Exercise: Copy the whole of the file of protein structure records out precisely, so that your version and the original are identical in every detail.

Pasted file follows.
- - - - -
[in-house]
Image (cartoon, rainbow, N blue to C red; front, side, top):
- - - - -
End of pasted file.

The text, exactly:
[in-house]
Image (cartoon, rainbow, N blue to C red; front, side, top):